Just a couple of notes before starting, the ESP-01 is not breadboard friendly. In order to plug these into a breadboard you are going to need an adapter. Now this is not strictly necessary, you can use the D1 mini for testing here, and simply plug in the ESP-01 to the completed poi circuit (which uses a female 8 pin header for this purpose) but what about other projects? I made my own adapter using stripboard:
It has the female header on top and male headers on the bottom to go into the breadboard. Obviously the strip is cut in the middle to no pins are connected electronically. Here is the adapter on its own:
The circuit is quite self-explanatory. I am using an 8 pin header to connect all the wires to instead of soldering the ESP-01 in permanently, so I can update the code. In case you are wondering, yes, over-the-air programming is possible but you need to have 50% of the flash free to do it, and the full Smart Poi program takes up more than that.
As for programming, I am using this cheap USB adapter I found on Aliexpress:
This thing works, with some difficulty, in combination with Arduino IDE to upload code to the ESP-01. A couple of tips:
To access programming mode you need a wire from GPIO 0 to GND like so:
I wrote a blog post a while back to do with solutions to some problems I was having uploading, it’s over here.
Since then I have found that if the Arduino IDE is showing errors uploading you can trick it by pulling out the ESP-01, pressing CTRL-U (upload) and then quickly plugging the ESP-01 back into the USB adapter (still plugged into USB 2 port) – in effect switching it off and on again. So maybe ignore all that stuff about ‘not enough power’ in my earlier testing as this was possibly not true, at least it doesn’t bother me anymore.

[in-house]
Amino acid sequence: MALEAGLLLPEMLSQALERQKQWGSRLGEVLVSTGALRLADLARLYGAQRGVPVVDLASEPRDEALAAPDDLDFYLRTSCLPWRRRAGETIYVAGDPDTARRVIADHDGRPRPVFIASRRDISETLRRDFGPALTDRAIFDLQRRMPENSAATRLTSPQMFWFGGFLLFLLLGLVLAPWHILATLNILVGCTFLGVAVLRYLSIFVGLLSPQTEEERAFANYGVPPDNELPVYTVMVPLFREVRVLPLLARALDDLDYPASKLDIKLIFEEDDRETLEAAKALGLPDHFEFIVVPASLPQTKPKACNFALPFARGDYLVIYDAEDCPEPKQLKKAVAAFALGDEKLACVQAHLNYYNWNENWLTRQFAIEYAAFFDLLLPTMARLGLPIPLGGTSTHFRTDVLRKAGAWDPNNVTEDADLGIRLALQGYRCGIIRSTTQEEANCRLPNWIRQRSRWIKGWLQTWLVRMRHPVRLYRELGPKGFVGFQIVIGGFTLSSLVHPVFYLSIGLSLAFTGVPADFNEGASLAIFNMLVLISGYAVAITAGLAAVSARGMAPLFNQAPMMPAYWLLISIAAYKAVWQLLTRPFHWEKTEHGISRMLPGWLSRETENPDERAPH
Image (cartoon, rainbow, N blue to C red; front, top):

Very important: the GitHub repo contains a data folder which must be uploaded to the ESP-01 (using “upload spiffs” on Arduino IDE)
A brief description of the full ESP-01 Smart Poi firmware:
There are two separate versions of the firmware*, called Master and Slave for the two poi (edit: I know, I need to rename this now… In my defence I copied and pasted the names from a tutorial long ago). The Master creates a hot-spot which the Slave connects to. If for some reason you are only using one poi (maybe a motor driven display?) use the Master one. They then sync up their timing via wifi.
*the two versions are actually one program now, you just have to change one line of code to switch from one to the other: boolean slave = true;
There are backup images loaded into Spiffs (ESP8266 memory), which have to be uploaded separately via Arduino IDE, and can be changed over WiFi later. These images (and software defined patterns also included) don’t get displayed if a transmission is sent from the Android app, as this takes precedence. The Master Poi also serves up a web page which you can access via any browser, to change settings such as WiFi channel. These settings change options are mostly implemented in the Android app now, though.
The Android App streams images to the poi which are immediately displayed on the LED strip. I am working on a system to include more poi being controlled from one Android App – using an external router* – but right now it just sends to the two. Android app has image select (10 banks of unlimited no. of images), timeline (unlimited number of images set to music), brightness control, offline image bank change (5 banks – one is software defined patterns, the other 4 have 5 images each), computer generated images, beat detection FFT, zap game, WiFi channel change, and not yet included but coming soon, Text mode (right now this is a separate app).
*router code is actually on in the source github, but commented out as it’s not complete yet.
On the desktop side there is a program to create timelines, and one to choose and upload the images to display offline on the poi, for Linux and Windows (should work on Mac too but I don’t have one, so..)UPDATES:
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